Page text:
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‘I'd rather die at sea than stay there’: migrants on crossing the Med


umbertino
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After a terrifying journey across the Mediterranean, thousands of migrants arrive in Sicily every week. These are their stories. Portraits by Gideon Mendel

 

 

Gideon Mendel Interviews by Alessandra Bonomolo

 

Saturday 16 May 2015 08.00 BST

 

 

Emmanuel, 24, Ivory Coast

There was too much violence in Ivory Coast. You can’t live there. All my friends have left.

 

My parents divorced and didn’t look after me. I was nine when I had to drop out of school. I started working to look after myself and put some money aside, little by little. I went to Libya. I worked as an upholsterer so I could pay my rent and buy food. But at the end of the day, they would stop me in the street and take my money. I lived on eggs: they were cheap. But that wasn’t the problem. After almost two years, it became too violent and dangerous. Libyans don’t like anyone who is not Libyan. I was feeling bad; I had no choice but to leave again.

 

I looked for someone who could help me. I asked around, paid lots of money, and in three days I left. It was at night. There were more than 500 of us on that boat. Far too many. I didn’t see anything when I boarded, it was dark; but once I was inside, I immediately thought, I’m going to die. Two hours into the journey, the engine broke. I thought, it’s over now. The sea, you know, it’s not just a bit of water. I was ready for the end.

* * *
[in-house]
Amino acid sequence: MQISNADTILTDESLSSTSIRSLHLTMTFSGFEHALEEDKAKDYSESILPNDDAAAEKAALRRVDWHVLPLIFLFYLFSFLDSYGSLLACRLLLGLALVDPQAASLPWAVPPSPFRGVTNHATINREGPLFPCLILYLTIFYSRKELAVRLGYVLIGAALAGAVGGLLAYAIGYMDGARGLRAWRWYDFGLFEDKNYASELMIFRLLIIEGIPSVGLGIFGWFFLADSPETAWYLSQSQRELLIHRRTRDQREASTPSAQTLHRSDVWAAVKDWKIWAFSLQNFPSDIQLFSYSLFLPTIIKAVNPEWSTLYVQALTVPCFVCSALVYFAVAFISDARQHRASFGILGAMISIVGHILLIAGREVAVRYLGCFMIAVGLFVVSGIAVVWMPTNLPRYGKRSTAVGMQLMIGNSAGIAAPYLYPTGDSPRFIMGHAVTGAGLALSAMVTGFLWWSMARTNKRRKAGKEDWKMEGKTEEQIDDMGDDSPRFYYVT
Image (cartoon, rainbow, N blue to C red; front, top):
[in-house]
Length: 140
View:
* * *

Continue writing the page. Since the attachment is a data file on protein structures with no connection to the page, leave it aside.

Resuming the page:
After two days, they rescued us. They gave us food – macaroni. I hadn’t eaten in two days, so it was good. You must go to a country where there is security and where human rights are respected, even if the risk is dying in the water.

 

 

Ibrahim, 29, and Sidibe, 10, Mali

 

Ibrahim I was born in Congo-Brazzaville. My father died in the Congo war and I moved to Mali with my mother. My brother Sidibe was born to another dad.

 

One day, on television, I saw people who had made it to Italy. I was working in Congo-Brazzaville and decided to go there via Libya. I stopped in Mali, and during my stay my mother died. My brother was left alone, so I took him with me. But the journey was long and once we arrived in Libya, it was terrible.

 

Sidibe It was a very long journey. We travelled by bus from Algeria to Libya. The dust was so much – I really suffered. Then I had to walk for three hours across the border. I was tired. When we arrived in Ghadames, on the Libyan border, they gave me bread and cheese. That was so nice. Then they put us on a truck and I had to sit on sheep’s poo. I threw up. Later, we found a house. One night, at midnight, some policemen knocked at our door and took my brother away. I stayed alone at home for four days. I didn’t know what to do. I had only biscuits and water. I was frightened and thought I was not going to see Ibrahim again. I only have him.

 

Ibrahim I had done nothing, but they were armed and took me to prison. They said nothing, only asked for lots of money – 500,000 West African CFA francs (£555...$872) – if I wanted to be freed. Once I was out, I started putting money aside for the journey by boat. On the night we departed, I saw lots of people dying around me. To get on board, you need to walk from the shore into the sea until the water reaches your shoulders. Then you are pushed on the dinghy. It’s there that people fall and die. The boat was crowded. I jumped on it and put Sidibe between my legs. We spent three days like this. The sea was going up and down, we were taking on water. When the rescue ship arrived, Sidibe was pulled to safety first. The Italians gave us food and water. They are good people. Now I want Sidibe to go to school.

 

 

Promise, 26, Nigeria

 

There was plenty of war in Nigeria. I lost my mother and father, my sisters and my brothers – we all ran away during the war, and I don’t know where they are now.

 

A man saved me from the war and took me to his house, but his wife thought I was sleeping with him. He gave me some money and told me to flee to Libya. But when I got there, I saw there was war, too. I found myself in Tripoli. There was fighting and killing all around us. Libya is a Muslim country; they don’t like Christians like me.